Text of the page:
In Haiti, I met myself coming and going through the eyes of my Americanisms and “discomfort zones”. I met my selfish private self, my chunky pious self, my ungrateful self, my competitive self, my egotistical self, my bogus, whining, middle of the road average, churchy self. None of these selves were sufficient for the NEW SELF needed in Haiti. The change from my self-serving attitude was imperative if I wished to be of service to the people. I met my evolving modest self in the long pencil thin hanging genitals as I walked three miles beside two 4 year old emaciated boys carrying buckets of water on their heads. I met my self centered war with personal hygiene when a young lad was shampooing his hair and brushing his teeth in the same water where the women were doing laundry and a donkey stood urinating. I met my feministic tendencies when a man told me that in the village where I stayed, a donkey is more valuable than a woman. My identity crisis came into full tilt when a Haitian girl ’bout 8 years old pinched me on the behind and said, “HEY MISTER-MISTER ARE YOU AFRICAN?” It was then that the new me began. The village where I stayed had only seen White American male missionaries. The children could see I was not white and their sketchy English did not include the words “her” or “she” or “mam”. So for the first two years of my travels to Haiti, I was HEY MISTER MISTER. My inner self said, “welcome to the new me”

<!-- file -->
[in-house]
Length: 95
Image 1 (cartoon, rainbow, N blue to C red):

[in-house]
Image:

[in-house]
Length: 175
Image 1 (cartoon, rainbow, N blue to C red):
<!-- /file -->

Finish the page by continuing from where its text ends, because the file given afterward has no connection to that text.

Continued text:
HEY MISTER, MISTER… — 3 Comments

  1. Wonderful way with words, Yolantha. God speaks through you, as we all can. Keep up the heavenly work!

  2. Thank you Rose for your kind words. Sharing God’s work in my life is a very humbling and awesome task. We must each tell the story of our lives, because when others tell it, the story is not always recognizable. God can speak through us all.

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